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Research on friendship and adjustment has traditionally focused on same-sex, same-grade, and same-school peers. Recent evidence, however, suggests that many adolescents have other-sex and other-school friends that significantly impact their adjustment. The purpose of this study was to examine young adolescents’ experiences with mixed-grade friendships (friendships between adolescents in the same school but of different grades), a type of friendship about which little is known. Participants were 179 seventh grade and 178 eighth grade students (55 percent female; M age = 13.2 years, SD = .68) who reported on their same-grade and mixed-grade friendships and loneliness. Peer nominations of same-grade aggression, anxious-withdrawal, victimization and rejection were also collected. Descriptive analyses revealed that 83 percent of students reported having a mixed-grade friend, 36 percent of these friendships being mutual. Adolescents who made mixed-grade nominations and who had mutual mixed-grade friendships reported less loneliness than other adolescents. Results also suggested that mixed-grade friends may protect same-grade friendless girls from feelings of loneliness, and eighth grade same-grade friendless adolescents and anxious-withdrawn boys from victimization. Taken together, findings strongly suggest that mixed-grade friendships are developmentally significant peer relationships during early adolescence.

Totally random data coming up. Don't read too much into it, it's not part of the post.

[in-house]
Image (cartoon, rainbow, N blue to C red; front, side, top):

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- Friendship and Adjustment: A Focus on Mixed-Grade Friendships
Julie C. Bowker
Sarah V. Spencer
- Springer US